None of us can ever deny that Mrs. “Aw, Shucks!” has been an intriguing figure in modern American politics: she’s sexy, risky and has unequivocally divided the GOP. Her influence was been colorful at best, politically destructive at its worst, leaving many seasoned veterans of the GOP in a state of awe and grave concern, but announcing her resignation prior to the end of the term has shown to everyone her reactionary, edgy impulses that — has more than likely — sealed her fate for any chance of succeeding in a 2012 presidential run.
We’ve seen her reactionary side before including her most recent feud with late night show comedian David Letterman, who joked about her daughter — originally meaning Bristol, 18, who gave birth to a child out of wedlock — getting “knocked up” by Yankees slugger Alex Rodriguez. In comedy, there are tasteless jokes, but Palin took great exception to the jokes to a point where her supporters attempted to boycott Letterman. In this case, Palin did not understand the bigger picture. Even though her other daughter attended the Yankee game that Letterman was referring to (Willow, 14), Letterman was referring to a situation that directly contradicted Palin’s positions on abstinence. That contradiction gave the media cause to scrutinize her, but she made the brash decision to blame the media and everyone else but herself for putting the bulls-eye on her own back.
After her resignation, Palin went on the attack, threatening to sue media outlets including bloggers for asserting “false and defamatory” allegations. In a press release sent to the media immediately after her resignation, her lawyers go on to make sweeping statements about the media, such as “…modern journalism apparently abhors any type of due diligence and fact checking before scurrilous allegations are repeated as fact.” That’s one lengthy, contrived euphemism for telling the media to stop posting dissenting opinion and fact.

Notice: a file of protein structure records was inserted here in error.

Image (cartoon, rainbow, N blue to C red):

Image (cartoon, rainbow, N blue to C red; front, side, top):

In a statement, Palin attorney Thomas Van Flein said, “To the extent several websites, most notably liberal Alaska blogger Shannyn Moore, are now claiming as ‘fact’ that Governor Palin resigned because she is ‘under federal investigation’ for embezzlement or other criminal wrongdoing, we will be exploring legal options this week to address such defamation. This is to provide notice to Ms. Moore, and those who re-publish the defamation, such as Huffington Post, MSNBC, the New York Times and The Washington Post, that the Palins will not allow them to propagate defamatory material without answering to this in a court of law.”
Nowhere does Palin or her attorneys distinguish what is defamation and what is free speech on a case by case basis.
Around the end of her resignation speech, Palin said, “Life is too short to compromise time and resources… it may be tempting and more comfortable to just keep your head down, plod along, and appease those who demand: ‘Sit down and shut up,’ but that’s the worthless, easy path; that’s a quitter’s way out.” She said this within an announcement that stated she was quitting her position as governor (and as one GOP senator put it, “abandoning” her state) — and maybe, just maybe the whole idea of keeping her head down is actually reasonable given the influx of media attention she has brought onto herself.
Palin has become a walking contradiction, a question with no answers, a conservative muse with a ridiculously small resume — and who’s to blame for that? HINT: It’s not the media.